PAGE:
It is an old principle developed by Critias, widely used by Plato and many others and made the anchor of Hegel‘s verbiage, “to take advantage of sentiments. not wasting one’s energies in futile efforts to destroy them”. In more modem terminology, “if you can`t fight ’em, join ’em”—”without losing sight of your goal”—can be usefully added. Genuine, sincere, humanitarian individualists have been deceived by these methods on the premise that “how can he be so wrong if he is capable of such noble sentiments?” This is precisely the process by which Plato`s ‘justice‘, medieval authoritarianism, Christendom’s ‘humanitarianism’, Rousseau’s ‘general will’ and Hegel’s ‘freedom‘ gained currency. The devastating effect of such subterfuge on innocent well-meaning humanitarians led Kant to exclaim “may God protect us from our friends. From our enemies, we can try to protect ourselves.”
Succumbing to tyranny, going along with it, or even mere tolerance of it on the grounds that it may produce economic progress, discipline, national integration or material benefits, is extremely harmful, even to the Hegelian super-state because it must eventually destroy the very foundations of society. Mutual trust is displaced by universal distrust; courage is displaced by fear of every other person, including family members; altruism is displaced by selfishness; truth gives way to lies in order to save one`s ever endangered honour, interest or even life; frankness gives way to sycophancy, and love is displaced by hate. Tyranny makes everyone sub-human and no such society can last, no matter how strong the tentacles of state power or the machinery of government.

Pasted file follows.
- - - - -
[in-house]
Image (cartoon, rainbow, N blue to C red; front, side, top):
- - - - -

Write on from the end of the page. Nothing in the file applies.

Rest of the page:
To quote Desmond Morris from The Human Zoo: “It is only a partial truth to say that power corrupts, Extreme subjugation can corrupt equally effectively. When the bio-social pendulum sways away from active cooperation towards tyranny, the whole society becomes corrupt. It may make great material strides. It may shift 4,883,000 tons of stone to build a pyramid; but with its deformed social structure its days are numbered. You can dominate just so much, just so long, just so many, but even within the hot house atmosphere of a super tribe there is a limit. If when that limit is reached, the bio-social pendulum tilts gently back to its balanced mid·point, then society can count itself lucky. If, as is more likely, it swings back and forth, the blood will flow on a scale our primitive hunting ancestors would never have dreamt of.”
But then he also has gems like-
When an atheist wishes to attack religion, he starts by attacking God. Similarly, when totalitarians wish to destroy democracy, they start with fundamental rights.
and (from the excerpt above)-
…through the expansion of knowledge and reason to the closed mind and back, from morality to atheism and back…
…altruism is displaced by selfishness; truth gives way to lies…
from which I can only conclude that he believed that atheists were immoral, closed-minded totalitarians and that altruism has some merit on its own account, just like truth.
He also writes-